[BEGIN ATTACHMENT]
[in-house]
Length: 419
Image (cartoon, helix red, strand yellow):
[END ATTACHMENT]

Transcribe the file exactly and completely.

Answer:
[in-house]
Length: 419
Image (cartoon, helix red, strand yellow):